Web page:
Identification of Target Genes Involved in Wound Healing Angiogenesis of Endothelial Cells with the Treatment of a Chinese 2-Herb Formula.

Tam JC, Ko CH, Koon CM, Cheng Z, Lok WH, Lau CP, Leung PC, Fung KP, Chan WY, Lau CB - PLoS ONE (2015)

The molecular functions of differentially expressed genes in HUVEC after (A) 6 h and (B) 16 h of NF3 treatment.
© Copyright Policy
Related In: Results  -  Collection

License
Show All Figures
getmorefigures.php?uid=PMC4591983&req=5

pone.0139342.g002: The molecular functions of differentially expressed genes in HUVEC after (A) 6 h and (B) 16 h of NF3 treatment.
Mentions: Genomatix Pathway System (GePS) was applied to classify the differentially expressed genes into molecular functions and biological processes based on an AmiGo gene ontology (GO) database with significance of p < 0.05. As shown in Fig 2A, the most significant molecular function of NF3-treated HUVEC versus control HUVEC at 6 h was toxin binding consisting of GUCY2C and HLA-DQB1 (p = 8.3 x 10−4). Delayed rectifier channel activity included KCNE1 and KCNH1 (p = 1.21 x 10−4). However, only a few genes were grouped into molecular functions with significances from the gene list of NF3-treated HUVEC versus control HUVEC at 6 h. Not much molecular information could be obtained. Surprisingly, more genes in NF3-treated HUVEC versus control HUVEC at 16 h were grouped into different significant molecular functions (Fig 2B). 18 genes were classified into signaling receptor activity (p = 1 x 10−5), while 17 genes belonged to transmembrane signaling receptor activity (p = 1.55 x 10−5). Besides, a number of genes had G-protein coupled receptor activity, signal tranducer activity and receptor activity. The molecular function categorization provided molecular details among the genes, postulating the specific regulation of different panel of differentially expressed genes in NF3-treated HUVEC versus control HUVEC at different time frame.

Bottom Line: We had previously demonstrated that a Chinese 2-herb formula (NF3) significantly stimulated angiogenesis of HUVEC in wound healing.The microarray results illustrated that different panels of differentially expressed genes were strictly governed in NF3-treated HUVEC in a time-regulated manner.This study provided concrete scientific evidence in support of the regulatory role of NF3 on endothelial cells involved in wound healing angiogenesis.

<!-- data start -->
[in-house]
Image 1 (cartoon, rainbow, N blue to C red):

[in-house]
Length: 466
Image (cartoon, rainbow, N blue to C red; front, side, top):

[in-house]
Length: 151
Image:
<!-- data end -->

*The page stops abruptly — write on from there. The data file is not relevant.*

View Article: PubMed Central - PubMed

Affiliation: Institute of Chinese Medicine, The Chinese University of Hong Kong, Shatin, New Territories, Hong Kong; State Key Laboratory of Phytochemistry and Plant Resources in West China, The Chinese University of Hong Kong, Shatin, New Territories, Hong Kong.

ABSTRACT
Angiogenesis is vitally important in diabetic wound healing. We had previously demonstrated that a Chinese 2-herb formula (NF3) significantly stimulated angiogenesis of HUVEC in wound healing. However, the molecular mechanism has not yet been elucidated. In line with this, global expression profiling of NF3-treated HUVEC was performed so as to assess the regulatory role of NF3 involved in the underlying signaling pathways in wound healing angiogenesis. The microarray results illustrated that different panels of differentially expressed genes were strictly governed in NF3-treated HUVEC in a time-regulated manner. The microarray analysis followed by qRT-PCR and western blotting verification of NF3-treated HUVEC at 6 h revealed the involvement of various genes in diverse biological process, e.g., MAP3K14 in anti-inflammation; SLC5A8 in anti-tumorogenesis; DNAJB7 in protein translation; BIRC5, EPCAM, INSL4, MMP8 and NPR3 in cell proliferation; CXCR7, EPCAM, HAND1 and MMP8 in migration; CXCR7, EPCAM and MMP8 in tubular formation; and BIRC5, CXCR7, EPCAM, HAND1, MMP8 and UBD in angiogenesis. After 16 h incubation of NF3, other sets of genes were shown with differential expression in HUVEC, e.g., IL1RAPL2 and NR1H4 in anti-inflammation; miR28 in anti-tumorogenesis; GRIN1 and LCN1 in anti-oxidation; EPB41 in intracellular signal transduction; PRL and TFAP2A in cell proliferation; miR28, PRL and SCG2 in cell migration; PRL in tubular formation; and miR28, NR1H4 and PRL in angiogenesis. This study provided concrete scientific evidence in support of the regulatory role of NF3 on endothelial cells involved in wound healing angiogenesis.

No MeSH data available.


Related in: MedlinePlus